Trumpeter swans were reintroduced to the Northern Great Plains in 1960 at Lacreek National Wildlife Refuge in south-central South Dakota.
Sixteen years later, the birds attracted Jim Leach, a young master’s degree student at the University of South Dakota. Intrigued by prairie wildlife and the largest of North American waterfowl, he chose to study swans over a competing University of Minnesota program that highlighted eagles.
Leach took a fork in the road that led directly to a successful career with the U.S. Fish and Wildlife Service. And now, at age 62, he will leave the federal agency to take one of the most powerful positions at the Minnesota Department of Natural Resources as director of the 575-person fish and wildlife division.
“The DNR is getting a good one,” said U.S. Fish and Wildlife Project Leader Scott Glup. “He thinks big.”
Glup said Leach easily ranks as the best boss he’s had in 31 years. He described the St. Paul native as a gifted collaborator who has an infectious enthusiasm for conservation work and an unflinching devotion to field staff.
“Jim always says, ‘If you’re not catching flak, you’re not under the target,’ ” Glup said. “He has a very strong passion for the resource, and that just comes across all the time.”
Starting April 18, Leach will step into the DNR job previously held by Ed Boggess, who retired in February. Glup said various conservation groups had tried to recruit Leach over the years, so his departure was a surprise on just one level: “The DNR?”
In an interview this week, Leach said his decision boiled down to wanting to participate in a surge of positive momentum brought about by Minnesota’s unique, constitutionally dedicated funding for the environment and Gov. Mark Dayton’s leadership on clean water, prairie restoration and revitalizing pheasant populations.
“That’s a message for action,” Leach said. “I really think we can move the needle in the way of natural resource conservation.”
DNR Commissioner Tom Landwehr praised Leach for broad experience ranging from “on-the-ground” wetland restorations to “working the hallways of Congress” for funding. The two men know each other from conservation partnerships, including when Landwehr was assistant state director at The Nature Conservancy.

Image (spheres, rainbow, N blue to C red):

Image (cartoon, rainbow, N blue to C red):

Eran Sandquist, Minnesota state coordinator for Pheasants Forever, said Leach’s vast network of professional relationships is the result of his persistent prodding. “He’s always asking, ‘How can we do more to benefit wildlife and habitat?’ ” Sandquist said.
Laborer at heart
A hunter and angler who shares those pursuits with his son and three daughters, Leach earned his bachelor’s degree in biology from St. Cloud State. During his postgraduate summers in South Dakota, he landed a laborer’s job in 1977 at Lacreek. Soon after, the Fish and Wildlife Service hired him as a biologist at Tamarac National Wildlife Refuge near Detroit Lakes, Minn.
Leach came up the ranks and won a strategic position in 1993 that put him in charge of building breeding habitat for ducks and geese across the Upper Mississippi River basin. The assignment put him in collaboration with the DNR and many other organizations. Since 2008, he’s also partnered on various habitat projects funded by the Lessard-Sams Outdoor Heritage Council.
“Jim’s a roll-up-your-sleeves type of guy,” Sandquist said.
Leach, married 31 years to Patty, still clings to his roots in the St. Paul area’s Lebanese community. He co-owns a car wash with his brother in Inver Grove Heights, and he spent years coaching his kids’ athletic teams. A good vacation for Leach is driving 36 hours with family and friends to the Northwest Territories for camping and fishing on the Mackenzie River and Great Slave Lake.
“I’ve never been one to sit on my hands,’ ’’ he said.
Glup said Leach doesn’t shy away from conflict if he believes in the cause. At Minnesota’s Pope Waterfowl Production Area, for instance, Glup fought seven years for the full restoration of a bordering wetland that had been improperly drained.
“I had political folks contacting me, pressure from the county level,’’ Glup said. “He always had my back.’’
At the DNR, Leach said he’ll be a strong backer of the agency’s controversial push for banning lead shot on wildlife management areas. Spent lead ammunition can harm wildlife, he said.
On the topic of recruiting young people into a shrinking base of hunters and anglers, he said it’s crucial to appeal to families in all ethnic and racial groups, not just whites. Conservation leaders also need to stress how fish and wildlife habitat projects are vital for clean water, pollinators, nongame species, flood control, erosion control, carbon sequestration and groundwater recharge.
“We need to be relevant to a wider band of people,” he said.